Ask the Doctor – diseases mistaken for PSP

Here’s the “Ask the Doctor” section of the Fall ’08 CurePSP Magazine, which I received in the mail on 12/1/08: (not yet available on

Ask the Doctor
Lawrence I. Golbe, MD
Director of Research and Clinical Affairs, CurePSP
CurePSP Magazine, Fall ’08

Q: I’ve heard that some people with a diagnosis of PSP actually have corticobasal degeneration. Should I worry about that and get another opinion on my diagnosis?

A: No. PSP and corticobasal degeneration (CBD) are very similar and some experts think they’re even two versions of the same basic disease. They are treated similarly, start at the same average age, have the same long-term prognosis and even share a specific genetic variant as a contributing factor. The difference is that in CBD, there is less falling than in PSP but more difficulty in using the limbs for fine movement. CBD also tends to develop minor jerking movements and abnormal postures of the limbs. The limb problems of CBD are typically highly asymmetric — that is, far worse on one side than the other. All of the symptoms of both PSP and CBD are treated “palliatively,” which means that if the symptom appears, the doctor treats it as a symptom. Some day, if we are able to cure or slow the progression of one but not the other, or if the cures for the two disorders are different, then it will be important to differentiate between the two diagnostically.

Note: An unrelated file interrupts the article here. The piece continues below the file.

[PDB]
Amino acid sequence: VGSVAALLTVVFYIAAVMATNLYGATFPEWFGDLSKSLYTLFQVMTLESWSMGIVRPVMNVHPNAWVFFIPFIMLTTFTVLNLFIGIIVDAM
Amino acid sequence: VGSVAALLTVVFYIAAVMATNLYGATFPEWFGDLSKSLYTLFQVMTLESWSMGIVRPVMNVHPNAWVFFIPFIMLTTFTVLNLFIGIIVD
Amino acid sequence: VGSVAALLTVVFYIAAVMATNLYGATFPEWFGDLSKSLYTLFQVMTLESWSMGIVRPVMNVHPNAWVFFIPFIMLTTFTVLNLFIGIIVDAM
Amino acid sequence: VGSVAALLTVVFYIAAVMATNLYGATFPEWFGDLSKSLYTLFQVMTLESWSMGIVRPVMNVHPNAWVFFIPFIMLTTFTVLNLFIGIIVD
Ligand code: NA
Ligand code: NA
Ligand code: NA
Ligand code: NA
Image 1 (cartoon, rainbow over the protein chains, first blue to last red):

Q: OK, so are there any diseases that have cures or very useful treatments that can be mistaken for PSP?

Parkinson’s disease (PD) is sometimes mistaken for PSP when it fails to respond to levodopa, a drug that replaces insufficient brain dopamine. Often, this is simply the result of insufficient dosing. Very often patients with PD have difficulty looking in the upward direction. The combination of this with a much greater-then-average need for levodopa can fool an inexperienced physician into diagnosing PD as PSP. But PD would not display difficulty looking down, the cardinal feature of PSP, and differs in most other respects as well.

Another condition that can be mistaken for PSP and requires special treatment is multiple small strokes. Aggressive management of lipids and blood pressure, administration of blood thinners, repair of narrowed arteries feeding the brain and treatment of heart problems can all reduce the risk of future strokes.

Finally, a very rare brain infection called Whipple’s disease can superficially mimic PSP. However, it usually has rhythmic movements of the eyes and jaw that are absent in PSP. It is diagnosed via MRI with contrast and a spinal tap and treated with antibiotics. In 20 years as a PSP specialist, I have never seen a case.